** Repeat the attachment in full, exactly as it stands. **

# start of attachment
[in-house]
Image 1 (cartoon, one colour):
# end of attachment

[in-house]
Image 1 (cartoon, one colour):